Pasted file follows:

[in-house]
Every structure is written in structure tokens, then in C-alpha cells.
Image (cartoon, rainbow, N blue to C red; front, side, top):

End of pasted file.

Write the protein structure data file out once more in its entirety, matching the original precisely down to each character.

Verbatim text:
[in-house]
Every structure is written in structure tokens, then in C-alpha cells.
Image (cartoon, rainbow, N blue to C red; front, side, top):